By Daniela Hernandez
2012 is sure to be filled with too many end-of-the-world jokes, and probably a fair amount of genuine fear as well. But assuming the Mayans were wrong and doomsday isn’t on Dec. 21 this year, you may be wondering how the world as we know it might really end. We’ve collected several scientifically valid scenarios for you to worry about.
The chances of an earthquake unzipping the world’s fault system are negligible, says seismologist Thorne Lay of the University of California, Santa Cruz.
This is because the energy released by a quake is related to the length of the fault that is ruptured during the event. For example, the 2004 magnitude 9.1 Sumatra quake that triggered the Indian Ocean tsunami and killed nearly 300,000 people, ruptured around 900 miles of a subduction zone fault, the longest ever recorded for a single quake. But the major fault zones that mark boundaries between tectonic plates are not continuous, and irregularities like changes in the type of faulting and the existence of smaller plates with shorter boundaries stop ruptures short of apocalyptic lengths.
But other geologic hazards may have more potential for doom. “It’s more plausible that you have a truly mammoth eruption,” like an eruption of the supervolcano that lies beneath the Yellowstone National Park area, Lay said. Yellowstone has experienced colossal volcanic explosions in the past, most recently 2 million and 640,000 years ago. Another such mega eruption would be devastating for much of North America, he says.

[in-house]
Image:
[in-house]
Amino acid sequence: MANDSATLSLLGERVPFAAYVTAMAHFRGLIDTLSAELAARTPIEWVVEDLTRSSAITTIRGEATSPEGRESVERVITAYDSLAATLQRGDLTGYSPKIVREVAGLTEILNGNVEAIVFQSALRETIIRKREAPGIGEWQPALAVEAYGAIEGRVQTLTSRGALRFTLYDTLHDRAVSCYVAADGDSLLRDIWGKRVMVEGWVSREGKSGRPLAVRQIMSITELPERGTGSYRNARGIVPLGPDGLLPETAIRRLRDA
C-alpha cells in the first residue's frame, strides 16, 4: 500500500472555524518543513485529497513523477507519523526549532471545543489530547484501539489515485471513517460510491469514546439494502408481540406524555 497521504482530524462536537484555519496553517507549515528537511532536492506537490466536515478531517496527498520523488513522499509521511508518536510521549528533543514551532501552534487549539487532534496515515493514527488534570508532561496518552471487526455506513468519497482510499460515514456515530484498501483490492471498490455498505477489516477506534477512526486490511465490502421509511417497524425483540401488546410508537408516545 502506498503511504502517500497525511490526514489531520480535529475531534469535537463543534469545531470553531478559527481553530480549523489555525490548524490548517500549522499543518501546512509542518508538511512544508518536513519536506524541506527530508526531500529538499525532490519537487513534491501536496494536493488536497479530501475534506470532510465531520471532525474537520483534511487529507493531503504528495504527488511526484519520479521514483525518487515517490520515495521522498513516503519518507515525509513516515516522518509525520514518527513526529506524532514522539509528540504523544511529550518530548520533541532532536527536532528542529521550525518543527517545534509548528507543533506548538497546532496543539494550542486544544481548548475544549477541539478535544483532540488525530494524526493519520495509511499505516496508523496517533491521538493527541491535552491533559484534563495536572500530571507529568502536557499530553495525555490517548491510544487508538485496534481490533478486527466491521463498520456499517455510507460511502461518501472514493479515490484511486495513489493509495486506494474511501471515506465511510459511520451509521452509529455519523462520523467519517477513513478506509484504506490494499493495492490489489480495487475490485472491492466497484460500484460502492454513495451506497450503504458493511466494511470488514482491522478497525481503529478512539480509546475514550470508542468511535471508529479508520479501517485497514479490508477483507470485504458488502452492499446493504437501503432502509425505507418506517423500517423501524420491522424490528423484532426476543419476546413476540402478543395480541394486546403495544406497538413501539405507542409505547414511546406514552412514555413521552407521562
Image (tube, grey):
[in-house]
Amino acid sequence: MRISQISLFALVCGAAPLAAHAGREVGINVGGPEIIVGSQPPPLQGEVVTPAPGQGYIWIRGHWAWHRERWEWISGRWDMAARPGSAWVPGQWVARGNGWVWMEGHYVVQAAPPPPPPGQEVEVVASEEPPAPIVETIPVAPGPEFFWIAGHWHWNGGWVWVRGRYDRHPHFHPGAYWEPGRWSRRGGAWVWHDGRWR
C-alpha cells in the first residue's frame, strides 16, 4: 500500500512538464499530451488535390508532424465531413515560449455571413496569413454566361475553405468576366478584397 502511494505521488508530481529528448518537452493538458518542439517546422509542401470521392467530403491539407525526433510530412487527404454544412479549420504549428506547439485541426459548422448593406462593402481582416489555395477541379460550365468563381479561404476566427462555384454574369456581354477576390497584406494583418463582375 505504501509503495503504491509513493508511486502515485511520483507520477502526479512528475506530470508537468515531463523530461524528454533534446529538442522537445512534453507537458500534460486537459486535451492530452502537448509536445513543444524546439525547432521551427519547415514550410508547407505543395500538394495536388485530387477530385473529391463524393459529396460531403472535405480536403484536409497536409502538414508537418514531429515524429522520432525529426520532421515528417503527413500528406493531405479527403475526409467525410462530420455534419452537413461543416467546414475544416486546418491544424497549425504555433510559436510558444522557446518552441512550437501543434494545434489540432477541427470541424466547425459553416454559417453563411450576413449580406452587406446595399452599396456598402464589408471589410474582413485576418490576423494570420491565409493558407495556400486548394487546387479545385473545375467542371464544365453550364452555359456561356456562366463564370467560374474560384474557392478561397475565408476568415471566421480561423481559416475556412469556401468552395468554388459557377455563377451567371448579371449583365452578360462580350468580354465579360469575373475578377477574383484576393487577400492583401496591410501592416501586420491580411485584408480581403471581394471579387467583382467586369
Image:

Giant eruptions have contributed to mass extinctions, including the one that killed off the dinosaurs around 65 million years ago. At that time, volcanoes spewed out a roughly 2,000-foot-deep layer of lava to form part of the 10,000-foot-thick Deccan Traps of India, the world’s largest lava beds, geophysicist Anne-Lise Chenet of the Paris Geophysical Institute wrote in an email. And scientists have also shown that a Siberian volcano may have precipitated the largest extinction on record about 250 million years ago. These blazing behemoths belched out so much sulfur, carbon dioxide and ash that they may have altered the climate enough to collapse the food chain, Lay says.
Yellowstone’s giant volcanic crater has risen about 10 inches in the last decade, suggesting molten rock may be building up underneath. During its lifetime, the megavolcano has probably experienced more than a dozen giant eruptions, Lay says. Lately, it’s been blowing off steam through little vents, but it’s unclear whether it’s gearing up for another Earth-shattering blast.
Asteroids typically top the list of extraterrestrial objects that could hit Earth. A 9-mile wide asteroid that crashed into what is now Mexico’s Yucatan Peninsula was partly responsible for the dinosaurs’ extinction about 65 million years ago.
The 2004 announcement that 900-foot long Apophis had more than a 2 percent chance of colliding with Earth in 2029 revved up research on asteroid detection and defense, when scientists recalculated the odds down to 1 in 250,000.